LinkedIn Pulse The driver consumer holds the keys to $1.5T in future vehicle enabled digital services.
Working with a number of our large automotive customers, it becomes clear that what it means to become digital – and to run a digital business – can take on many forms and meanings to different companies based on their organization and their position in the automotive value chain. I have written about the advent of connected platforms, whereby suppliers are moving to land grab specific elements of the ecosystem and lay claim to their use. This includes a number of scenarios about the enhancement and transmission of information from the individual consumer as a driver whether it be to the car, the home, the household appliance and mobile device. McKinsey estimates the market for vehicle enabled digital services to grow to $1.5T by the year 2030.
Understanding how the consumer will function as a services buyer, however, is an entirely different matter whether that individual is a personal vehicle owner, rideshare passenger, renter or simply a passenger in a friend’s car out to the movies and dinner. And while automakers are determining how to enable that customer experience one thing is clear: the driver consumer wants the same, easy to use experience to carry with them from one vehicle to the next, regardless of role or method of use of a vehicle.
What do I mean by this? Digitally connected customers move seamlessly across vehicles with their secured personal identity and profile available for the use and purchase of services. Vehicles maintain the most driver desired customer experience based on real time feedback to engineering designers, significantly reducing warranty claims and updating software during non-use windows. It shouldn’t matter if I’m a passenger in a rideshare or renting a luxury vehicle for the weekend in the big city, my wallet and profile move with me based on personal credentials, personal preferences (pre-sent entertainment, services palate, etc.) and secure on-board data connectivity.
Vehicles are maintained based in similar consistency. Soft service events – uploading software versions or even tuning firmware – occur in off peak times or as needed based on severity. Hard service events occur at low-use hours to reduce labor and operating expense while maximizing availability of vehicles during peak times. Parts are available as needed, at the quickest route to service locations.
Automakers are learning more about the advanced options to support consumer connectivity as drivers, buyers and passengers and the ability that secure data environments supported by SAP HANA can deliver.
This article previously appeared in LinkedIn Pulse and D!gitalist Magazine. Learn more about trends in autonomous and connected vehicles at SAPPHIRENOW in Orlando, Florida (May 15-19) and secure your spot today!
This week at the SAP Business Objects User Group Conference (SBOUC), Steven Lucas (President of Platform Solutions at SAP) announced the acquisition of predictive analytics and cloud-based solution platform KXEN. This was position in response to SAP customer demand around greater workflow and process integrations with analytics in a cloud-based offering. While the intent to acquire KXEN by SAP is not a done deal, the wheels are firmly on the track and the train is moving ahead to an October, 2013 close based on an analyst call hosted by both companies this morning.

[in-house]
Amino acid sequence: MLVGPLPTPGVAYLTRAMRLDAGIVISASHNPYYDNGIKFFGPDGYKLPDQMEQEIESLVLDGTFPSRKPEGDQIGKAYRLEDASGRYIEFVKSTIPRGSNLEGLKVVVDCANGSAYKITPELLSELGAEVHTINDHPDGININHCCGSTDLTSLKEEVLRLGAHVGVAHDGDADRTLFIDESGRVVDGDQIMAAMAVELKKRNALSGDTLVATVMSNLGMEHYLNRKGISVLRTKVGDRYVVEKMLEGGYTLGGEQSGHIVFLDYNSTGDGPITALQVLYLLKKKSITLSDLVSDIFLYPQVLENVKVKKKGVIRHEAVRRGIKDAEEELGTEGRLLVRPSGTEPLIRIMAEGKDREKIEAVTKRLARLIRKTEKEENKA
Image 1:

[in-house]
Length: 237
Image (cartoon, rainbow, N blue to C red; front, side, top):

The KXEN acquisition is definitely a good response to SAP customer demands in both the cloud and predictive analytics offerings. At SAPPHIRE 2011, in private meetings with the analytics solution team, the direction of the solution roadmap for SAP in the space of predictive analytics was on the forward horizon view of many solution management team members. As part of the product portfolio, SAP has a long-standing product development gate strategy with rigorous decision points on “make or buy” approaches to new product development. Acquiring KXEN is an acknowledgement that SAP – in at least this space of the predictive analytics field – needed to get in front of the customer based more rapidly than the organic product development cycles would allow.
The acquisition also speaks to a growing proxy war quietly playing out between SAP and Salesforce.com, arguably one of the leaders of the cloud-based sales force automation and marketing who has been cherry-picking talent recently from SAP’s Palo Alto and SuccessFactors Bay Area campuses. Lucas came from Salesforce.com a few years ago to lead the SAP analytics and cloud platform efforts and in his current role targeting good partners (and the talent and products that come with them) to bring formally into the SAP ecosystem. KXEN also has development solutions such as its Cloud Prediction which it launched at DreamForce 2102, and as such to direction of this and other product offerings on the Force.com platform is in question (this was directly asked during the analyst briefing at which point there was a “no change in direction” reply statement while at the same time acknowledging this and other products would enhance the HANA cloud offerings). As the acquisition formalizes it is hard to understand how KXEN’s relationship with SalesForce.com, in short the buy appears to be away to poach and divert the product lines from Force.com to HANA while also getting a good look at the Force.com “wiring” as a part of the process.
As SAP makes more moves to shore-up its cloud and analytics strategy to support the HANA cloud offering, KXEN could be the first of several spot acquisitions in this field as SAP accelerates its product introduction cycles.
Filed under Big Data, Business Analytics, Cloud Computing, Cloud Readiness, Digital Content Strategy, Mergers and Acquisitions, Mobile Society, Operations, Strategy, Supply Chain Management, Technology